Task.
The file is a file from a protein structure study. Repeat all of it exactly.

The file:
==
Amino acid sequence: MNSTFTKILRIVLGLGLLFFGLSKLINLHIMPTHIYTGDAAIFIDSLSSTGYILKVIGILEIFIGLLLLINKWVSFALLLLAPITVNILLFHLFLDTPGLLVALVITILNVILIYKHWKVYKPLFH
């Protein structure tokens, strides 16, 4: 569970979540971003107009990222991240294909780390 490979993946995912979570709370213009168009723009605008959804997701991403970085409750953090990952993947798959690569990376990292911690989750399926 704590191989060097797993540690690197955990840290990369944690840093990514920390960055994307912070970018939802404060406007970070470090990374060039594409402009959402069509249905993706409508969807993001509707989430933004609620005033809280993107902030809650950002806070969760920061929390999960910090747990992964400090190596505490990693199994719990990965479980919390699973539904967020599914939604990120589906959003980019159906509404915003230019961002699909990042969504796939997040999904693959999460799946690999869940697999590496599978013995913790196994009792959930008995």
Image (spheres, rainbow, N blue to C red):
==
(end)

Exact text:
Amino acid sequence: MNSTFTKILRIVLGLGLLFFGLSKLINLHIMPTHIYTGDAAIFIDSLSSTGYILKVIGILEIFIGLLLLINKWVSFALLLLAPITVNILLFHLFLDTPGLLVALVITILNVILIYKHWKVYKPLFH
């Protein structure tokens, strides 16, 4: 569970979540971003107009990222991240294909780390 490979993946995912979570709370213009168009723009605008959804997701991403970085409750953090990952993947798959690569990376990292911690989750399926 704590191989060097797993540690690197955990840290990369944690840093990514920390960055994307912070970018939802404060406007970070470090990374060039594409402009959402069509249905993706409508969807993001509707989430933004609620005033809280993107902030809650950002806070969760920061929390999960910090747990992964400090190596505490990693199994719990990965479980919390699973539904967020599914939604990120589906959003980019159906509404915003230019961002699909990042969504796939997040999904693959999460799946690999869940697999590496599978013995913790196994009792959930008995």
Image (spheres, rainbow, N blue to C red):